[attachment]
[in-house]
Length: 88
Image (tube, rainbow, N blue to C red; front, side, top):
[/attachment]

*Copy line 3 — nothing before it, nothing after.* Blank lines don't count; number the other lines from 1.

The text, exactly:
Image (tube, rainbow, N blue to C red; front, side, top):